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Student Retention

In President Barack Obama’s 2012 State of the Union address, he made it clear that increasing college graduation rates would be a main priority of his administration. In the months that followed, “MOOC” became the buzzword of the year, bringing online learning to the forefront of the education conversation. But whether they’re massive and open or they enroll 12 students, online courses have traditionally given institutions trouble in the area of retention—an issue that could dampen the goal of leading the world with the highest share of college graduates by 2020.

The pressure institutions are facing from the growing student loan debt crisis is felt by all departments, from financial aid to admissions. Schools are struggling to justify tuition costs to prospective students, as well as to ensure recent alumni leave pleased with the institution, despite having student loan debt. In this web seminar, originally broadcast on November 13, 2012, representatives from American Student Assistance (ASA), St.

California State University, Fresno, takes pride in its reputation as one of the leading public universities in the state, but last year the business staff discovered that Fresno State was lagging in one noteworthy area: the percentage of students electing to receive financial aid refunds electronically.

In the heart of Boulder, Colorado, sits a college where the whole student is greater than the sum of his or her parts. It is a place called Naropa University, where contemplative education encourages students to transform themselves and the world.

At a school the size of Purdue University, just scheduling campus visits by prospective students could overwhelm an admissions department. Add accepted student receptions and recruiting events, and the pressure can seem worse than for a high school senior awaiting an acceptance letter. That’s precisely why Hobsons’ solutions, including its Education CRM Suite, made sense to Purdue, which has about 30,000 undergrads in its 11 colleges and schools in West Lafayette, Indiana.

It’s really no surprise that today’s technology-savvy generation is challenging elements of the traditional college recruitment process. The conventional approaches of marketing, recruitment and admissions are all being called into question, in part, due to two driving factors—external influences and the changing needs of today’s student. This article explores these factors and offers ideas on what can be done to reach, and connect, with more students.

At Carroll University, retention is at the top of the priority list—and it’s a full-time job for the Director of Student Success. During this web seminar, top leaders at Carroll University discussed how they made retention a day-to-day priority and created a campus-wide culture of student success. They discussed Jenzabar’s customized retention technology platform and how it helped identify the unique factors that influence retention. Carroll University is located in Waukesha, Wisconsin, and has an undergraduate enrollment of 2,850 and a graduate enrollment of 450.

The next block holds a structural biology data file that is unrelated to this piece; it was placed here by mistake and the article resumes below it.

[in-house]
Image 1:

In the world of federal student loan repayment, graduates have the upper hand. So do young adults well-schooled in the ways of money management.

Tusculum College in Tennessee understands that, particularly since working with the experts at Inceptia—leaders in financial education, default aversion and financial aid management services. Inceptia’s mission is to increase the financial aptitude of students, improve graduation rates and provide financial education and financial aid management services. Inceptia’s goal: 100 percent repayment of federal student loans. 

There are more out lesbian, gay, bisexual, and transgender (LGBT) college students today than there have been at any other time in the history of higher education. In decades past, many young LGBT people experienced their coming out processes in college, yet today’s rising college freshmen have increasingly become more out and more vocal in high school and even in middle school.

Last August, when a 5.8-magnitude earthquake shook Virginia, people in offices up the East Coast were reading about the quake before they felt their desks not-so-mysteriously begin to wobble. How? Chalk it up to another feat of Twitter (by this time it had already helped topple unruly regimes in the Middle East). During the earthquake, users tweeted at a rate of 5,500 tweets per second, with 40,000 tweets hitting Twitter timelines and TweetDecks in just one minute.

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